Headphones in your ears and off to the park: running is simply better with the right music. Rhythm and melody act like a natural turbo, motivation is right, the mood rises and so does performance. The inner pig dog is buried deep under the pleasant sounds that penetrate from the in-ears into the brain. Keep running, because slacking off is not an option with music.
But be careful: not every type of music is suitable for running. When choosing the right songs, there are a few things to keep in mind: If you're a passionate ballad fan and put songs like "My Heart Will Go On" by Celine Dion or "Another Day in Paradise" by Phil Collins on your workout playlist, you'll probably wait in vain for the desired motivational boost.
- Survivor "The Eye of the Tiger"
- The Subways "Shake! Shake!"
- Fritz Kalkbrenner "Wes"
- Alex Claire "Treading Water"
- Ed Sheeran - "Sing"
- One Republic "I Lived"
- Faithless "Insomnia"
- David Guetta, Nicki Minaj & Afrojack "Hey Mama"
- Cash Cash "Surrender"
- Empire of the Sun "Half Mast"
Many people are familiar with this: the workout is just around the corner and you feel tired and sluggish. This is mainly due to the so-called vagotonia, in which our body is put into a kind of resting state by the autonomic nervous system. Pulse and blood pressure are down and the body is busy elsewhere, mostly with digestion and regenerative processes. Through music, our system is now stimulated anew. We are thus mentally and physically more ready to take up the upcoming training. This is also confirmed by a study conducted by several sports scientists, including Marcelo Bigliassi from Brunel University in London, which was published in the Journal of Strength and Conditioning Research in 2015. According to the study, music before training means a measurable increase in performance.
To really get going, we should first and foremost choose powerful songs that sweep us along and motivate us. Heavy metal, house, rock or techno - the music genre doesn't really matter at first. The important thing is that you like the songs. As the sports scientist Matthew Biagini and his colleagues were able to prove in a study published in 2012 in the "Journal of Strength and Conditioning Research," music that we choose ourselves and that we like has a much greater effect on our performance than music that comes from outside. So whether you prefer to rev yourself up with the "Rocky" soundtrack or favor the pounding bass of a David Guetta song is up to you. What counts are the happiness hormones that are released in us when we listen to familiar melodies and that soon have a positive effect on our health.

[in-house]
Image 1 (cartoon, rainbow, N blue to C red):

Incidentally, positive memories that we associate with certain songs can also be of great benefit here. For example, if you set a new personal record during your last fitness workout to a special song, you will feel the motivation of the track during your next fitness workout. There are plenty of examples here, from all areas of life.
The beginning is made and we are in the middle of fitness training - now endurance and stamina are required. Here, too, the right music can give you additional strength, or rather the right beat of the music. While at the beginning it was all about a good mood and a good portion of motivation, there is now another aspect: In order for the music to have a positive effect on our performance, the songs should now be adapted to the running speed. Hammering techno beats with 150 or more beats per minute are completely unsuitable for a quiet endurance run. For beginners who are just starting to run, it is advisable to select songs in a range of 110 to a maximum of 130 BPM in order to keep the step sequence and beat as synchronized as possible.
Songs like "Wes" by Fritz Kalkbrenner or "Superlove" by Avicii feat. Lenny Kravitz provide an optimal beat - and thus form the perfect jogging background. For shorter runs with a higher tempo or interval methods, songs with a faster frequency such as "The Rockafeller Skank" by Fatboy Slim or "Pump it" by the Black Eyed Peas are of course also in order. Towards the end of the run, slower tracks help you come back down meter by meter.
Still looking for the right songs to motivate and push you? For all those who don't want to search for a long time, we have our favorite Spotifyplaylist for running.
A colorful mix, perfect for your next endurance training. This is how running is fun!
The influence of the rhythms can also be used after fitness training. What initially had an exciting effect on the autonomic nervous system is now supposed to have a calming effect. To achieve this, calm melodies are the order of the day. With their help, pulse and respiration can return to their initial state much faster, which also has a positive effect on the regeneration processes and thus on our health.
Of course, personal taste always plays a role in the effect of music. Some techno fans tend to get excited by soft songs, so they will hardly achieve the desired effect. The individual feeling for the appropriate sounds hardly deceives us. Only try it should, the suitable music is worthwhile in the sense of our well-being and the training effect.
Even during the workout, the right beats ensure an increased willingness and ability to perform. However, according to the study mentioned above, which takes the 5K run as an example, it is remarkable that music apparently only has a measurable effect on our performance at the beginning. When listening to our favorite songs, the brain initially associates positive sensations or memories, our mood lifts significantly. Thanks to this endorphin release, pain tolerance also increases, so that we perceive efforts less intensely. However, the initial euphoria gives way to more dominant physical symptoms as the training progresses. If the load and intensity increase significantly, our body focuses more strongly on the exhaustion signals again and the influence of the music decreases.